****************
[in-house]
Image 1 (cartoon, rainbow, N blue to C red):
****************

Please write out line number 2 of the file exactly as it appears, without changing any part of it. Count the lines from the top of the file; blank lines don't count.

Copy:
Image 1 (cartoon, rainbow, N blue to C red):